And they may have been organising themselves for years, but they haven't been providing social services or running libraries for years at all. So their reaction to it must be about greeting something new.

Oddly, they have no anti-cuts strategy that I can see.

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xslavearcx
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Apr 19 2011 08:57

cheers for the info everyone.

I can see why they are such a case study in com ed courses. Vage notions of community empowerment with little if any political analysis underpinning their standpoints!

Yorkie Bar
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Apr 25 2011 06:08

Came across this today; it's an interview with Maurice Glassman who it says is "best known for his decade-long work with London Citizens and its Living Wage campaign".

Quote:
Indeed, he describes ‘blue Labour', the body of ideas developed by Glasman, fellow academics Marc Stears and Jonathan Rutherford, and Dagenham MP Jon Cruddas, as ‘a completely agitational idea to provoke a conversation about what went wrong with the Blair project'.

While Glasman's thinking has begun to pepper the speeches of Labour's leader, to whom he acts as an informal adviser, he is not an unalloyed critic of New Labour: ‘In the early Blair days', he suggests, ‘there was very strong language about family, there was a very strong commitment to what he called Christian socialism, there was a very strong discourse on responsibility and the work ethic, there was a real love of the history of the Labour movement, there was a real understanding of ... the daily experience of people's lives. There was a real combination of tradition and modernisation and I think the key to Blair's success was that alchemy.'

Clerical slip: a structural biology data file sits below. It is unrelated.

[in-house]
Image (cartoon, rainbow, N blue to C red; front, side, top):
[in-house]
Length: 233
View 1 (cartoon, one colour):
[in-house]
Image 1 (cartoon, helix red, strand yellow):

Blue Labour, argues Glasman' is ‘an attempt to improve and strengthen the early days of New Labour ... It is the place where New Labour needs to go next.'

‘The blue refers to the centrality of family life, a recognition of the importance of faith, a real commitment to the work ethic, a very casual but nonetheless profound patriotism that people feel about England,' he suggests.

Later on in the article he's quoted saying Labour needs to reach out to the EDL.

martinh
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Apr 25 2011 10:10

I think the whole "Blue Labour" thing will be pushed a lot more in the next few years. It is an attempt to reconnect Labour with what I'd call the respectable working class. People who are in favour of social justice, want the excesses of capitalism trimmed but don't buy into a lot of the Labour-left agenda around race, gender etc. (though often will support things like anti-deportation campaigns if they know the people involved). When the left of Labour rejects this, it's hard to work out what they are rejecting, and more what they are in favour of.
For example, the "mild patriotism" referred to above is probably just a reaction to the perceived anti-English attitude of much fo the left. It says "I'm English, that's good and I can still be a socialist".
Of more concern to us here I think is the avowed concentration on issues that focus on working class living standards. This is something that mainstream politicians have ignored for decades in their rhetoric, though Labour form 97 did address it through the tortuous tax credit system and investing in infrastructure through the discredited PFI schemes.